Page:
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Friday, March 07, 2008

UK: Less homework & TV

Homework and TV-watching are both losing out to social networking among British 15-to-19-year-old media consumers, a new survey found. Citing the 2008 "Digital Entertainment Survey," The Guardian reports that "21% of teenage girls and 10% of teenage boys watch less TV than more because they are using social-networking sites," and "nearly a third of 15-to-19-year-olds are doing less homework.

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India: Support, advice from social sites

In India, a "small but growing number" of the millions of users of Orkut and Facebook are using the social sites for advice and support, reports. "Social-networking sites are increasingly taking the shape of the new age online 'agony aunt'," kind of the British term for a "Dear Abby." Sify sites the experience of Sarath, who is looking out for a kidney donor for himself and turned to a social site for advice about the process. "The popularity of such networking sites turning out to be the agony aunt can be gauged from the hundreds of help communities that have been set up, be it from complex issues like kidney transplants, blood cancer to much smaller issues like teenage heart breaks," Sify adds. What I hope Indian and all other young people do is think critically about the responses they get and seek out second and third opinions online as much as they would offline (see, too, and interesting blog post, "How will rural India deal with social networking?" - especially the bold comments at the bottom about the place of mobility and diversity of personal relationships in social networking). The negative side of seeking advice online, of course, is when at-risk youth get reinforcement for destructive behaviors such as cutting, eating disorders, substance abuse, and suicidal thoughts. One credible, immediate source of help might be the National Suicide Prevention Lifeline, which coordinates the work of hotlines nationwide for people with questions about depression, relationships, loneliness, substance abuse, and how to help friends and loved ones, as well as suicide (see also "The social Web's 'Lifeline'").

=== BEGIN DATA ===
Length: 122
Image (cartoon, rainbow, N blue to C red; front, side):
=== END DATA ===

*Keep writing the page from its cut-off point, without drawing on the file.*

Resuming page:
Tuesday, March 04, 2008

JuicyCampus: Is there an upside?

Is it that the online gossipmongers think it's just a joke?, where students can "slime" each other, may have one upside: The site could be a good talking point for parents and teens to discuss what is and isn't ethical treatment of peers online. "The content on JuicyCampus is identical to the banter heard in dorm rooms for centuries. But now the whole planet can listen in, including those being maligned, even as the speakers' identities are better protected than ever," the Washington Post reports. The site does not take responsibility for its content and is probably protected by the 1996 Communications Decency Act, which courts to date have found to shield Internet service providers from liability for the content that users post. "If the offending post is about you, too bad," the Post adds, quoting site info as saying, "JuicyCampus does not remove content. We encourage you to shift your point of view...." It mentions one University of Virginia student who'd been "named on the site as sexually promiscuous" and who didn't really want to know who named her as such but does worry "that having her name on the site could jeopardize the job she just landed with a government agency. She wishes the site didn't exist but says nothing can be done...." [See also "Window on cyberbullying" and "Public humiliation on the social Web."]